Here are listed some of the ideas for exhibitions I have been thinking about. Most of them are only seeds, while a few I describe more in detail. Some will never be realised. Still, I find it important to share these ideas with you.
Yearning to feel more at home
Home. Is it a place, a space, a feeling, a practice, or an active state of state of being in the world?
A public exhibition that brings people to the farmer’s market—and vice-versa.The market stands as an outlet to offer workshops and panels on identity and representation in rural Britain, decolonising foodways, and agriculture’s contribution to tackling climate change. How do we give strength to oppressed or marginalised people living in rural areas? And how do we embrace food and ways of cooking that resist subjugation and instead nourish our palate, body, and environment?
Toward a Sustainable Practice
This exhibition introduces a cohort of emerging artists and designers building works that are either self-sufficient, recycled, biodegradable, low-tech or run on human power or renewable energy. This project explores and questions critical approaches to producing, disseminating, and displaying art. It is loosely inspired by the 2005 exhibition and book “Beyond Green: Toward a Sustainable Art” and a show I installed years ago, “Art as problematic Waste”, which shares similar concerns.
I have thought of two ways to approach this project:
The exhibition will happen in the storage space of a cargo bike, with multiple bikes transporting and displaying either one or a couple of works each. Cargo bikes have fron or rear-loading “baskets” where works can be installed or transported to then be parked on location, where visitors can experience the works they carry. Each day, the exhibition bikes park in popular outdoor spots of the city/town and then move location based on a predetermined itinerary, that visitors can follow from their mobiles. Alongside the main itinerary, there are performances, workshops, book launches, film screenings, and talks. These events expand upon the works in the exhibition and especially encourage the participation of unrepresented minorities and people living in poverty.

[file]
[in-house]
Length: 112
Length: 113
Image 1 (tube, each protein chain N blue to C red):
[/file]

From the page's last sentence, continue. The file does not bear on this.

Mile for mile, flying is the most damaging way to travel for the climate. So, it would make sense to bring an exhibition concerned with reduced consumption, sharing of resources, sustainability and global solidarity to the airport, a non-space of consumption that embodies economic globalisation. The exhibition occurs in a large airport, such as the newly-built Beijing Daxing International Airport in China. Hosting the exhibition in a mega airport comes from a desire to establish the broadest base for change. Participating artists will receive funding to build and install their work and a follow-up grant to allow them to continue developing their practice.
Visit the Are.na channel that expands upon these ideas.